wavetrex Maha Guru

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    (Much) Faster PCI-e can bring unified non-volatile memory design to reality.

    DDR, next gen NVMe / Xpoint, GPU RAM, they will all be seen as a big stack of data storage, with a fancy futuristic memory manager simply allocating blocks to whatever part makes sense.
    This can bring instant-on/always-on high-performance computers to life, not something relegated to low-power mobile devices.

    Imagine if you were in some big RPG game, then you hear the doorbell, the game auto-pauses when the computer senses you left, a friend is at the door, you two go out to do some stuff, come back, sit back and the computer instantly resumes where you left it, without any delay, saving, loading.

    No need to boot, no need to launch Steam, no need to start your game, nothing. Everything is just there, instantly available !

    That's the promise of this insanely fast interconnect bus.
     
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  18. Dribble

    Dribble Member Guru

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    That's just sleep mode which PC's have had for many years. Don't need non-volatile memory as you can keep a little power trickling to normal memory.
     
  19. PrMinisterGR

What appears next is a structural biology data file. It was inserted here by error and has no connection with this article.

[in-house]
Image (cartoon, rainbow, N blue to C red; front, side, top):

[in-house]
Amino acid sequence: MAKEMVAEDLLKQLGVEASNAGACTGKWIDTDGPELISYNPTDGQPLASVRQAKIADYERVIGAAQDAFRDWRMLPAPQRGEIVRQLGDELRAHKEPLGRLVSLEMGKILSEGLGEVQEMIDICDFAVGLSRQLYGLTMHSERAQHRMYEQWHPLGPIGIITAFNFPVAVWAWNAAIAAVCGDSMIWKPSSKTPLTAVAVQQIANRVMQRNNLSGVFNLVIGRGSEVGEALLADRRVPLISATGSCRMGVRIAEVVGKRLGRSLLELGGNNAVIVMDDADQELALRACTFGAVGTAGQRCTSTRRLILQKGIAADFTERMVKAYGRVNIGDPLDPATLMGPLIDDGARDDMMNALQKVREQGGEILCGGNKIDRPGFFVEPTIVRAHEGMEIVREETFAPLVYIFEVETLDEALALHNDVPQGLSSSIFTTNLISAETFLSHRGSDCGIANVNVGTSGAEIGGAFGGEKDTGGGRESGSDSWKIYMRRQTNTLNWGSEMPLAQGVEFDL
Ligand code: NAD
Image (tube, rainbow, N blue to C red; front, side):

PrMinisterGR Ancient Guru

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    Consoles already have this, and the next gen will even allow you to pause multiple games like this.
     
  20. DmitryKo

    DmitryKo Master Guru

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    HBM2/GDDR6 won't become obsolete with faster and even more expensive memories. Fast VRAM has always been expensive, while system RAM is cheaper but much slower, and external storage is the cheapest and the slowest of them. New memory types won't change this balance.

    It's not like a paging file or external storage, it's just local memory for a remote processor unit (think 'far' node in NUMA).

    Using 4K textures on remote objects is not going to overwhelm the GPU, the runtime would use lower-level mipmaps. Popping could result from non-optimal texture filtering modes or texture scaling factors combined with abrupt changes in geometry LOD - and UE5 demo uses 8K textures with hundred billions of pixel-sized triangles (each model takes several dozen millions of triangles) even for the outdoor areas.

    There is no need to bother with expensive PCIe x16 switches and M.2 slots on the gaming video card when you have fast dedicated links on your CPU and motherboard.

    Dual-channel DDR4 @3200MHz is rated at 50 Gbytes/s, four times the bandwidth of PCIe 3.0 x16.
    Dual DDR5 @8000MHz would be 128 Gbytes/s, the same as PCIe 6.0 x16.
    128 bit GDDR5/6 is rated at 200-250 Gbytes/s in current mid-range videocards (GTX 1660 / RX5500XT).

    A difference between measuring the effect of faster PCIe bus, and not measuring it.

    'Limiting' is not the same as 'reducing'.


    Nothing of the above makes any sense.

    Entertain yourself with an excercise in self-reflection.
     
    Last edited: Jul 1, 2020